OTTAWA — The Canadian labour market topped expectations by adding another 10,700 jobs last month and dropping the unemployment rate to 6.8 per cent — but the latest numbers raise questions about the quality of the work.
Statistics Canada’s November employment survey showed yet another monthly decline in full-time work — a figure more than offset by a gain in part-time jobs. The report Friday said the market added 19,400 part-time jobs last month and shed 8,700 full-time positions.
Compared with November 2015, Canada gained 183,200 jobs overall for an increase of 0.1 per cent — but over that period full-time work fell by 30,500 positions, while the part-time category piled up an additional 213,700 jobs.
The result did beat the expectations of economists, who had predicted Canada to shed 20,000 positions in November and for the jobless rate to stay at seven per cent, according to Thomson Reuters.
It was the fourth consecutive month the Canadian workforce saw a net increase in jobs, following gains of 44,000 in October, 67,200 in September and 26,200 in August.
“This was supposed to be a bad report — we had three very strong reports and the expectation was that we would see some give back,” said Frances Donald, senior economist for Manulife Asset Management.
“So, the fact that we saw even modest gains is very positive for the Canadian story.”
Donald noted that some of the underlying data was also positive, such as private-sector employment and people on payroll.
The report found that Canada added 41,300 paid employee jobs last month, while the number of self-employed workers — some of which may have been unpaid — fell by 30,700.
Over the 12 months leading up to November, the labour market added 220,100 employee jobs and shed 22,100 self-employed positions.
Statistics Canada also said the number of private-sector jobs rose by 29,700 jobs last month, while the public sector added 11,600.
With the continued rise in part-time positions — and slide in full-time work — Donald said overall hours worked have been in a steady decline. The November report showed an improvement in the number of hours worked compared to prior months, she added.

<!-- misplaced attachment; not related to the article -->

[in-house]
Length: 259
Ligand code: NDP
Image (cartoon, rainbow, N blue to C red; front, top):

“This is one of the indicators that we use to suggest that Canada is in a muddle-through type of environment — slow and steady growth,” Donald said.
“That said, a part-time job is better than no job, so I wouldn’t dismiss part-time job growth entirely.”
The job growth helped push the national unemployment rate down to 6.8 per cent from seven per cent, a move also propelled by data that showed fewer people were searching for work last month.
Many economists said the better-than-expected survey will help encourage Bank of Canada governor Stephen Poloz to hold off on touching the benchmark interest rate any time soon.
“Overall, given that this decent headline gain followed a string of robust advances, we would characterize this as a healthy reading,” BMO chief economist Douglas Porter wrote in a research note to clients.
The report also showed that the services sector gained 31,200 net new jobs last month, with the bulk of the increase concentrated in finance, insurance and real estate as well as information, culture and recreation.
The country’s goods-producing sector lost 20,600 positions with construction and manufacturing seeing the biggest declines.
Among the provinces, Ontario gained the most jobs last month with 18,900 new positions, an increase of 0.3 per cent compared with October. The province has seen job numbers climb 1.5 per cent over the last year.
Alberta shed 12,800 positions last month — 13,600 of which were full-time jobs. On a year-over-year basis, employment in the hard-hit province fell 1.3 per cent overall, while full-time work slid 3.9 per cent.
British Columbia lost 600 positions last month, but compared to a year earlier it still led all provinces with the fastest growth rate of 2.1 per cent.
Quebec added 8,500 jobs in November and, compared to 12 months earlier, employment there climbed by two per cent.
Nova Scotia saw a month-over-month increase of 0.8 per cent in November by adding 3,700 jobs. The increase, however, was fuelled by part-time work as the province lost 200 full-time positions.
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